Becoming self sufficient is not as easy as it seems, sure books and online blogs can make it seem simple but it takes a lot of work, can be super stressful at times and although you feel your going at it alone there is always another self sufficient family out there somewhere sharing their mistakes and learning experiences.
Thanks for listening...back to planting and planning I go!
Between February and March I like to pollute my small little homestead with starter plants. We heat with wood so our back room in the homestead we rent is always the hottest room in the house and the plants seem to grow like weeds. Since I started gardening a few years back I have learned that pepper plants need the extra time to grow and after last years success I have started even more plants this year so I do not have to run out and purchase a bunch. I would rather start 400 seeds then purchase 24 plants from a green house.
Now when it comes to onions we love to plant thousands so after doing a lot of research I have decided to plant them from seed this year as it is a lot cheaper in the long run, although I my need a bigger green house built when the weather gets nicer as my house fills up fast. So next week once this cold snap passes through I will begin my onion seeds and leeks.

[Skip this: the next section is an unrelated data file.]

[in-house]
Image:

I learned last year that I started my leeks to late last year and when I transplanted them I ended up loosing more then 3/4 of my crop because my weeds grew faster then my leeks did. This year I plan on planting my leeks in raised boxes in hopes to get a better yield.
We sure have been busy here on the homestead and with the thought of our 2016 garden exciting us we decided to try planting apple trees and pear trees from seed! As many of our readers know we rent the land we are currently using and so do not want to invest in a ton of fruit trees that won't benefit us in years to come. So while doing my seed orders I was eating an apple and that's when I came up with a bright idea...Let's plant the seeds!
By planting our apple and pear seeds and letting them grow we have more time to tend to them before having to put them in the ground, this way we will be moving with buckets if all goes well this season instead of trees.
We read up on planting from seed and how they tell you to freeze the seed for so many months before planting but I couldn't be bothered, the hubby brought in some soil from outside (because it has been such a mild winter) and we planted the seeds a week and a half later we had two seed sprouts! So thrilled that it worked we grabbed a bunch of containers and got the children to eat a few apples and pears and planted a bunch more!
Now as the seeds begin to sprout the children are learning and charting the growth as these trees will be theirs in the future.
I do say it is such a great feeling when you can plant a seed and watch it grow